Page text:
The tour of Atlanta’s bike infrastructure last Friday was my first biking experience in a truly urban environment. Prior to this, all my biking had been done on recreational trails, parks, or in smaller cities. Despite all the horrors we hear everyday about the state of Atlanta’s sustainable transportation, the experience was much more comfortable than I was expecting. While certainly far from ideal, the infrastructure provided a generally safe environment in which to cycle, although I’m sure the fact that there were a dozen of us helped tremendously. The cycle track on 10th street, while ill-maintained, was an easy, comfortable ride. The Beltline was, as expected, extremely accommodating and enjoyable. Even riding on traditional bike lanes along Edgewood was fine, aside from the sewer grates. Bike infrastructure here is definitely an afterthought, tacked on to the sides of roads in a generally superficial ode to multimodality. However, because there was little to no traffic on the road, swerving to avoid the grates was easy, and the ride generally painless. I imagine on a busier day the experience would be more harrowing. Having to walk our bikes to John Portman was a pain, but manageable. There was a car parked in the cycle track on John Portman Boulevard, which didn’t come as a surprise, but was nonetheless frustrating. Just further evidence for the secondary nature of bicycling as a mode. The PATH track from the park back to campus was fantastic, well-protected and signalized, but connecting to it from the Park was ill thought-out and needlessly uncontrolled. While I am pleased with the experience as a whole, it is clear that the infrastructures is not nearly as widespread as it needs to be, nor given the priority it should. I think it is a victim of the vicious cycle of underused infrastructure: nobody uses it because there isn’t enough, and no more is built because no one uses it. It will certainly improve, but I hope that it is accepted and utilized by the people it’s meant to serve. The densification of midtown and downtown should definitely help, but it will still be some time until it becomes ingrained in the culture of the city.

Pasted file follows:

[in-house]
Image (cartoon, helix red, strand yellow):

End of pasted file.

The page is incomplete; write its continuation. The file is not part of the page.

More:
Meanwhile, in the Netherlands: bicycling is such an integral part of the day-to-day that parking in a bike lane would be a much more grievous crime. The lifestyle and the design of the infrastructure all comes together seamlessly to provide an accessible, safe, efficient method of transportation for everyone. The intersections are built for cars and bicycles at the very least in equal parts, but usually favoring the movement of cyclists. It is astounding what profound impacts infrastructure can have on our lives, and the videos from the Netherlands are testament to that fact. Good design is the key – no half-measures, no ‘token’ multimodality – but a sincere, concerted effort to establish a transportation network that emphasizes something other than automobiles. I’m not sure if cities in the US will ever reach that point, but we can certainly take cues from the Dutch.